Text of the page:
Eleven Estate Planning Mistakes to be Avoided

Eleven Estate Planning Mistakes to be Avoided

We have all heard the probate horror stories. Someone’s last will and testament took five years to be probated, generating hundreds of thousands of dollars in attorneys’ fees. All of the assets from someone else’s estate were stolen by the personal representative (executor), leaving the family with nothing. The probate judge was unfair. Such stories instill fear about probate administration, which can lead to estate planning decisions with unintended consequences.

The following are the top eleven mistakes one should avoid:

  1. Adding a Child’s Name as Co-Owner to Residential Deeds, Vehicle Titles, Brokerage Accounts, etc.

Adding a child’s name to a deed, title, or account as a co-owner conveys ownership, with all the legal rights and responsibilities that go with it. Parents usually regret this decision once they learn that they cannot sell, mortgage, or even refinance their home without their child’s consent and involvement. For bank or brokerage accounts, distribution checks cannot be cashed or rolled over without the signature of all listed owners. Perhaps the most important concern is liability exposure. Assets to which child’s names are added are at risk for levy by their creditors.

Capital gains taxes are a rarely considered, but very important concern. In most situations, when one sells a capital asset such as a home, the capital gains tax would be based on the difference between the sales price and the original purchase price. This is known as the “tax basis.” Typically, when a child inherits a home from his parents, he enjoys a “step up” basis, meaning his tax basis would be the value of the home at the time of his parents’ death. Then, if the child immediately sells the home, there would be no capital gain.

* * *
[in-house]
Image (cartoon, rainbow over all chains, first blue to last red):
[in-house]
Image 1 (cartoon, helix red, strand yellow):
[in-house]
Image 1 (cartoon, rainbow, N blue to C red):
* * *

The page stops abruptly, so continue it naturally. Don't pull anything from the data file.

If the child is added to the deed prior to the parents’ death, however, he will only enjoy the step up in basis for the percentage of the home he did not own prior to his parents’ death. Depending on the value of the equity in the home, adding a child’s name to the deed may create a “taxable event,” requiring the filing of a federal gift tax return.

  1. Leaving Everything to One Child, with the Understanding that He or She “Will do the Right Thing”

Many parents will add the name of just one of their children to their assets, with the understanding that this child “will do the right thing” for his siblings. Typically, the selected child is either the oldest, the perceived smartest, or simply the one who happens to be still living at home. These arrangements are almost always an invitation for probate litigation, especially when the selected child feels entitled to more than his fair share.

  1. Having Estate Planning Documents Prepared by an Inexperienced Attorney

Some inexperienced attorneys present seminars for the sole purpose of scaring people away from probate and toward more costly estate plans involving the use of trusts. These attorneys may not mention, however, that some smaller probates may be completed quickly in Probate Court, with just a simple will. While estates with complex tax considerations typically require the use of trusts, some estates would be better served by administration through the Probate Court. For example, if there are concerns regarding the trustworthiness of the named trustee, then court supervision may be necessary to ensure the proper distribution of assets. An experienced planning attorney will take a detailed history for each client, analyze it, and then provide the pros and cons for each estate planning option.

  1. Poor Trustee Selection

If an estate plan requires a trust, the most important decision with respect to the plan will be selection of the trustee.  Michigan law provides enormous power to trustees. In most situations, the selected trustee will manage and distribute your assets without court supervision. Too often, the person for whom the trust is drafted will select a favored son-in-law or best friend who happens to be “good with numbers.” This should not be the primary consideration.